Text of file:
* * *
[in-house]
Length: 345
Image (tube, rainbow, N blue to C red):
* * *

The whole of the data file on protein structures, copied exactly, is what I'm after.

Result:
[in-house]
Length: 345
Image (tube, rainbow, N blue to C red):